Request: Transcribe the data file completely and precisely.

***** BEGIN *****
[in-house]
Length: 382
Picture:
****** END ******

[in-house]
Length: 382
Picture: